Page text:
So again...what defines the term 'martial art?'


How they are modernly taught does not change the status of a martial art.

A martial art does not have to teach both grappling and striking, it just needs to teach effective self defense. TKD, Judo and Aikido teach forms to counter specific moves from the opponent - including strikes to whatever area of the body, and grappling attacks. Boxing does not teach practical counters against the vast possibilities of attacks one can do. (attacking from behind, headlock, etc. etc. etc.)

Aikido in essence avoids striking in the first place. Judo ignores punching however it is not necessary to learn punching in the first place.
Posted 3/15/12

BlaculaKuchuki wrote:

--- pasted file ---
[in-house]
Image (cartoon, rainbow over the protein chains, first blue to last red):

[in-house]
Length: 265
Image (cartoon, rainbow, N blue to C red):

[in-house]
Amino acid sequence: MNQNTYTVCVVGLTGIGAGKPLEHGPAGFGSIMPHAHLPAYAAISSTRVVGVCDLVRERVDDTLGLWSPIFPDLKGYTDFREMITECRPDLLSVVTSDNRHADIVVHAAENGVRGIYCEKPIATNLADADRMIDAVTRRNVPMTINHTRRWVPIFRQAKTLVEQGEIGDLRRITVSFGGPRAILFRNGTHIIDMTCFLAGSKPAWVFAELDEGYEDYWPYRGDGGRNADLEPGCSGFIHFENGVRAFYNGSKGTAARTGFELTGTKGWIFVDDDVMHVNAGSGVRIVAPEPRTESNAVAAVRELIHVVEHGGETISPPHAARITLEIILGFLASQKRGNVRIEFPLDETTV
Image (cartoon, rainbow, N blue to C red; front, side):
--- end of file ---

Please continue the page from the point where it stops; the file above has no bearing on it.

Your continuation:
Rina-San wrote:


T-Dog2295 wrote:

There's no such thing as the best martial art, it's about how strong and determined you are to perfect whatever martial art your learning.

Having said tae kwon doe is sick! Who doesn't like kicking people?

P.S. does boxing count as a martial art?


No because boxing doesn't have any forms. Only boxing within:

UFC (Mixed Martial Arts)
Kickboxing
or Thai Boxing (Muay Thai)

is considered Martial Art.


Just curious, why are forms the defining aspect of a martial art to you?

And that said, why is boxing within UFC/MMA considered a martial art? Plenty of MMA-oriented schools do not in any way have forms -- and back to boxing, it does have a systematized set of learned skills placed within a specific context, like wrestling, jujitsu, or muay thai.


Its just not, have you ever referred to a Boxer as a martial artist? Or heard someone refer to the sport as a martial art? Not to say that it isn't an effective fighting technique though.